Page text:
In this episode of Defrag This, we discuss the nuances of IT networks in dangerous industries.
Monitoring bandwidth usage is a vital aspect of any network management strategy. Bandwidth monitors collect, monitor and analyze network traffic volume by end-point (user), port, interface and protocol (application). This information enables IT Admins to:
There are so many types of log data to monitor and manage, but what are the most important logs to track? These are the top four types of log data that every IT team should be holding on to just in case.
Every device, OS and application in your IT environment generates a record of activities in the form of log files. These audit trails of activity provide valuable information when investigating security breaches and when submitting regulation compliance reports.
As a former cubicle-based drone, I can readily identify with the bandwidth problems faced by users, with slowdowns and interruptions suffered for a variety of reasons, whether it is essential backups best run after-hours, problems with new security patches or updates, failing hardware or streaming video addicts.
Log data can be a tremendous resource for protecting digital assets against cyber attacks. Trouble is, trying to make sense of all the logs generated by IT networks is like pointing a fire hose at someone dying of thirst. They’re desperate for a drink, but they simply can’t handle that much water all at once!
From IT to marketing, cloud computing has revolutionized the way the world does business. We now a maintenance-free to get unlimited scalability and reliability, and we’re all going to live happily ever after, right?
For most IT organizations, network monitoring is an essential tool. Network monitoring tools play an important role in letting IT pros get complete visibility into the status of network devices, systems, and applications, keeping the IT team aware of problems with services, networks, application performance, and more.
Network issues don’t care if you’re out of the office or away from your desk – they happen when they happen. But now you can put the power of WhatsUp Gold in your pocket and start resolving issues anytime and anywhere with the new WhatsUp Gold App.
For most IT organizations, the network monitoring tool is an essential, even central part of the IT toolkit. Network monitoring tools play an important role in letting IT pros know where issues exist before helpdesk tickets start coming in, keeping the IT team aware of problems with service, networks, application performance, and more.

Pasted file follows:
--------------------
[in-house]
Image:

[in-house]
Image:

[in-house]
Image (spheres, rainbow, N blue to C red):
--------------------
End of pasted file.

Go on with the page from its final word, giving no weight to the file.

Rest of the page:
Monitoring traffic on the dark web is the kind of thing that IT administrators worry about, but they can't do anything about. Now IT can pinpoint who and what is accessing the dark web from corporate networks with WhatsUp Gold.
Keeping an up-to-date network inventory is essential for network efficiency, especially given current networks changing dynamics. The Cisco Discovery Protocol (CDP) is a network discovery tool, which assists network administrators and engineers in identifying neighboring Cisco devices, particularly those running lower-layer, transparent protocols.
For home users, monitoring bandwidth usage per device may seem like a pointless exercise but their business counterparts typically recognize the value of doing so. Bandwidth is not a limitless resource and total broadband bandwidth (as provided by your internet service provider or ISP) is shared between all the devices connected to the network.
Footprinting your environment is the first step to identifying ways in which intruders can penetrate your network. Thankfully, we offer a free utility that helps with precisely this task! In this Snip, Anthony Howell shows you how to use WhatsUp PortScanner to scan a host machine for open ports, then he'll show you how to harden your system using the host's firewall.
Users are part of any network and while sometimes troublesome, it’s the responsibility of the IT admin team to ensure that users can access only the resources necessary to perform their roles. The receptionist has no need to access software project data and software developers have no interest in HR resources. Therefore, user permissions are necessary.
For years, there have been concerns of the Chinese government building backdoors and spying capabilities in to phones and hardware built on their soil, and now it seems those concerns are coming to head with a recent Bloomberg story that alleges that Chinese government agents installed thousands of spy chips into servers used by Amazon, Apple, and the US government. How true are these allegations, are our servers safe? In this article, we’ll attempt to figure out what—if anything—happened, and how IT pros should react.
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